So how do we accomplish this? First, I hit up my peeps on Twitter and the advice from Matthew Weier-O'Phinney himself was to simply create my own Zend_View and override what needed to be overriden. Also, he was very wise to tell me to look at Zend/View.php itself for guidance. That and some helpful messages from exceptions during testing.

Here's the initial implementation, for which all tests pass. ~~~ < ?php // Custom view that reads in templates from the database and // writes them to the filesystem class Xmlteam_ZFView extends Zend_View_Abstract { private $_filter = array(); private $_file = null; public function __construct($config = array()) { parent::__construct($config); } /** * Custom method to see if template is in the file system * and then load it into memory, write out to the file system * if it doesn't * * @param string $name The script name to precess * @return string THe script output */ public function render($name) { $scriptPaths = $this->getScriptPaths(); $filename = $scriptPaths[0] . $name; if (!file_exists($filename)) { list($league, $tmp) = explode('-', $name); list($templateType, $extension) = explode('.', $tmp); $q = Doctrine_Query::create() ->select('t.*') ->from('Template t') ->where('t.league_short_name = ?', $league) ->andWhere('t.type = ?', $templateType); $q->setHydrationMode(Doctrine_Core::HYDRATE_ARRAY); $results = $q->execute(); if (count($results) > 0) { file_put_contents($filename, $results[0]['content']); } } // find the script file name using the parent private method $this->_file = $this->_script($name); unset($name); // remove $name from local scope ob_start(); $this->_run($filename); return $this->_filter(ob_get_clean()); // filter output } /** * Applies the filter callback to a buffer. * * @param string $buffer The buffer contents. * @return string The filtered buffer. */ private function _filter($buffer) { // loop through each filter class foreach ($this->_filter as $name) { // load and apply the filter class $filter = $this->getFilter($name); $buffer = call_user_func(array($filter, 'filter'), $buffer); } // done! return $buffer; } /** * Includes the view script in a scope with only public $this variables. * * @param string The view script to execute. */ protected function _run() { if ($this->_useViewStream && $this->useStreamWrapper()) { include 'zend.view://' . func_get_arg(0); } else { include func_get_arg(0); } } } ~~~ So, what did I learn from this process?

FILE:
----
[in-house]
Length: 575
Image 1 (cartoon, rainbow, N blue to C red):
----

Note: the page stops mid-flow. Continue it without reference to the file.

1. I needed to create my own private _file and _filter variables to match what exists in so that if I create any custom filters they can be applied to my custom view *and* to keep compatibility with existing code.
  2. Because the _run method is protected AND abstract, I needed to implement my own _run method in my custom view, or else it would spit out errors. Even if it doesn't do anything special.

You can see that the logic in my render method is pretty much as I outlined before. I realize I will take a slight hit the first time we go to load a particular template. I'm assuming at some point I will want to run a test to see just how long it does take to pull in the template from the database and write it to the file system. I'm guessing this will not be a serious performance hit, but you never know. All those file_exists() calls can't be that good for performance,

I look forward to seeing other potential solutions to this problem